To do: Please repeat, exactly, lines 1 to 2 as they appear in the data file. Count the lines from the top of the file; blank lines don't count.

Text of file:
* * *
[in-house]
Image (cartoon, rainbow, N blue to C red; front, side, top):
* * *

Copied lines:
[in-house]
Image (cartoon, rainbow, N blue to C red; front, side, top):